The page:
Carlson Relationship Builder Study Reveals How to Get it Right in Retail

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Carlson Relationship Builder Study Reveals How to Get it Right in Retail

MINNEAPOLIS -- Customers have relationships with retailers, and the range of the strength of those relationships is broad, according to findings revealed in the most recent chapter of Carlson Marketing Worldwide's ongoing research series.

Nearly 1,200 consumers took part in the comprehensive survey conducted by Carlson Marketing and its Peppers & Rogers Group strategic consulting subsidiary.

Barnes & Noble, Hallmark, Bath & Body Works, Best Buy, Old Navy, and Target ranked among the retailers with the highest levels of relationship strength. However, in all cases, there remains substantial room for improvement, according to the study, which found that the strength of the relationship between a retailer and each of its individual customers is not uniformly equal. There is an opportunity to "raise the bar" on an overall basis, and individually based on the variances in relationship strength among customers within retailers.

"Thriving and not just surviving in the retail marketplace requires more than just executing the basics," said Luc Bondar, Carlson Marketing's v.p./loyalty marketing. "It requires building strong relationships that in turn enhance customer recommendations, retention, and shopping." Bondar noted that while some retailers are already doing this better than their peers, "there's ample room for improvement across the board. The use of loyalty programs, improvement of communications, customization, relevancy, and frequency are all one-to-one approaches highlighted in the study as mechanisms to 'get it right' and deliver results."

Bondar's top 10 things to remember in retail:

-- Loyalty programs drive incremental purchases.One-third (33 percent) of customers agree that direct participation in a loyalty program has resulted in the purchase of additional products from a retailer that otherwise would not have occurred.

-- Satisfaction is not sufficient. A large segment of customers (41 percent) are at least as satisfied with other retailers as with their primary retailer.

-- Here today, gone tomorrow. A majority of customers (51 percent) state that there are many other good retailers, any one of which could serve as an alternative to their primary retailer.

-- Walk a mile in their shoes. Customers agree that "being easy to do business with" (89 percent) and having "good customer service" (90 percent) are important attributes in preferring one retailer over another.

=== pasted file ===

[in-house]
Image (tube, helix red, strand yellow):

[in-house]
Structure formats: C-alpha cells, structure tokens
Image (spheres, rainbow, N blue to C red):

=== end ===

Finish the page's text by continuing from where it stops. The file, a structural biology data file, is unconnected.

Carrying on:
-- Aim for alignment.When the interests of the customers and the retailer are perceived as resulting in a mutually rewarding experience, the alignment enhances the likelihood that customers will recommend the store or company to friends and family, remain a customer, and shop more at the retailer (68, 39 and 43 percent respectively, for those with high vs. low levels of alignment).

-- Brand is big. Almost two-thirds (64 percent) of customers agree that familiarity with a brand name plays a role in the choice of a retailer. The effect is even larger for those with a high vs. low level of relationship strength.

-- Customers are human, too. Among the top three most important considerations when interacting with customer service are staff courtesy (59 percent), apologizing when something goes wrong (32 percent), and being empathetic (28 percent).

-- Morality matters. Customers agree that the reputation (70 percent) and the moral values (50 percent) of the retailer are important when choosing where to spend their cash.

-- Web sites work well. Almost two-thirds of customers (65 percent) use a retailer's Web site for activities such as searching for merchandise, learning more about the store, and reading about news or offers. The percentage varies considerably by the type of retailer (department store, 71 percent; grocery stores, 44 percent).

-- Don't botch the basics. Customers overwhelmingly agree that having the best price (93 percent) and having a good selection/availability of merchandise (93 percent) play a role in determining where shopping occurs.